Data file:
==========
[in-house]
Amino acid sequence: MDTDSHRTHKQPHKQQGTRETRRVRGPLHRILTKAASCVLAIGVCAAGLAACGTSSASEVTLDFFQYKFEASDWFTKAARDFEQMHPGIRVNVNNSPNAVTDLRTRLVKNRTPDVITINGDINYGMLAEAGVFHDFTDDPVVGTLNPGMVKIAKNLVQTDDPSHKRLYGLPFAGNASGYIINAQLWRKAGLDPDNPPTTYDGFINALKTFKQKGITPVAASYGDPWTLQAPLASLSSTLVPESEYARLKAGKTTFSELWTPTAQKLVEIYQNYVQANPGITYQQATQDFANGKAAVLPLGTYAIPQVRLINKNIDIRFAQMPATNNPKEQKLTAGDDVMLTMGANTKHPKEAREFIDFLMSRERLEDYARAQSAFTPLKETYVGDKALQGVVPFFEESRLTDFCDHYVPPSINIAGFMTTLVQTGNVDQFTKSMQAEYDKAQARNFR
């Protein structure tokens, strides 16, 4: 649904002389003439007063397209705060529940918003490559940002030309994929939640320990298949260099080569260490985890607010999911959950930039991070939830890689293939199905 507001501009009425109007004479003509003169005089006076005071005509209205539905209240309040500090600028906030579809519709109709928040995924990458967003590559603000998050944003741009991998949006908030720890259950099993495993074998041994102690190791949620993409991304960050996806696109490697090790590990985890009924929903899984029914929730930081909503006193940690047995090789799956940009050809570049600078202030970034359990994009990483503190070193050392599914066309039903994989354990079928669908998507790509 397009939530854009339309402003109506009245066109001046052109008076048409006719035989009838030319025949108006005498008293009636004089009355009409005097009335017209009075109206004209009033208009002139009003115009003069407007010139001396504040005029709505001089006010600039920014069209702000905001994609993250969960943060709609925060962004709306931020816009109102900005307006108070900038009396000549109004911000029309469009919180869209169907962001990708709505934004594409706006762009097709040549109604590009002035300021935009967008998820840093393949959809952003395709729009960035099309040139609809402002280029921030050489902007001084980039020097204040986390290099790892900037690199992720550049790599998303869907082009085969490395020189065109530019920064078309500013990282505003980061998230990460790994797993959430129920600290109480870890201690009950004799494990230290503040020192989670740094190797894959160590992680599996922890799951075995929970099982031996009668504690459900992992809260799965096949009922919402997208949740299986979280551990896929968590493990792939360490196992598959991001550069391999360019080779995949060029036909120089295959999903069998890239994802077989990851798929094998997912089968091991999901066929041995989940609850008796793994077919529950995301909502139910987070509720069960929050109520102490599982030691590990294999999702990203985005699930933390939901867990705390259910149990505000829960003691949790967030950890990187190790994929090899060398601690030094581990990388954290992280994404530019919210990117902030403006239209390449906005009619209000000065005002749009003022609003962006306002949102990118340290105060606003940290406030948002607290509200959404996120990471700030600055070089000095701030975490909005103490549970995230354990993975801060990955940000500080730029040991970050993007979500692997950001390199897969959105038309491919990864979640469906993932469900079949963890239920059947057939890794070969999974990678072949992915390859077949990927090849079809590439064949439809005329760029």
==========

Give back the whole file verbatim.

[in-house]
Amino acid sequence: MDTDSHRTHKQPHKQQGTRETRRVRGPLHRILTKAASCVLAIGVCAAGLAACGTSSASEVTLDFFQYKFEASDWFTKAARDFEQMHPGIRVNVNNSPNAVTDLRTRLVKNRTPDVITINGDINYGMLAEAGVFHDFTDDPVVGTLNPGMVKIAKNLVQTDDPSHKRLYGLPFAGNASGYIINAQLWRKAGLDPDNPPTTYDGFINALKTFKQKGITPVAASYGDPWTLQAPLASLSSTLVPESEYARLKAGKTTFSELWTPTAQKLVEIYQNYVQANPGITYQQATQDFANGKAAVLPLGTYAIPQVRLINKNIDIRFAQMPATNNPKEQKLTAGDDVMLTMGANTKHPKEAREFIDFLMSRERLEDYARAQSAFTPLKETYVGDKALQGVVPFFEESRLTDFCDHYVPPSINIAGFMTTLVQTGNVDQFTKSMQAEYDKAQARNFR
């Protein structure tokens, strides 16, 4: 649904002389003439007063397209705060529940918003490559940002030309994929939640320990298949260099080569260490985890607010999911959950930039991070939830890689293939199905 507001501009009425109007004479003509003169005089006076005071005509209205539905209240309040500090600028906030579809519709109709928040995924990458967003590559603000998050944003741009991998949006908030720890259950099993495993074998041994102690190791949620993409991304960050996806696109490697090790590990985890009924929903899984029914929730930081909503006193940690047995090789799956940009050809570049600078202030970034359990994009990483503190070193050392599914066309039903994989354990079928669908998507790509 397009939530854009339309402003109506009245066109001046052109008076048409006719035989009838030319025949108006005498008293009636004089009355009409005097009335017209009075109206004209009033208009002139009003115009003069407007010139001396504040005029709505001089006010600039920014069209702000905001994609993250969960943060709609925060962004709306931020816009109102900005307006108070900038009396000549109004911000029309469009919180869209169907962001990708709505934004594409706006762009097709040549109604590009002035300021935009967008998820840093393949959809952003395709729009960035099309040139609809402002280029921030050489902007001084980039020097204040986390290099790892900037690199992720550049790599998303869907082009085969490395020189065109530019920064078309500013990282505003980061998230990460790994797993959430129920600290109480870890201690009950004799494990230290503040020192989670740094190797894959160590992680599996922890799951075995929970099982031996009668504690459900992992809260799965096949009922919402997208949740299986979280551990896929968590493990792939360490196992598959991001550069391999360019080779995949060029036909120089295959999903069998890239994802077989990851798929094998997912089968091991999901066929041995989940609850008796793994077919529950995301909502139910987070509720069960929050109520102490599982030691590990294999999702990203985005699930933390939901867990705390259910149990505000829960003691949790967030950890990187190790994929090899060398601690030094581990990388954290992280994404530019919210990117902030403006239209390449906005009619209000000065005002749009003022609003962006306002949102990118340290105060606003940290406030948002607290509200959404996120990471700030600055070089000095701030975490909005103490549970995230354990993975801060990955940000500080730029040991970050993007979500692997950001390199897969959105038309491919990864979640469906993932469900079949963890239920059947057939890794070969999974990678072949992915390859077949990927090849079809590439064949439809005329760029």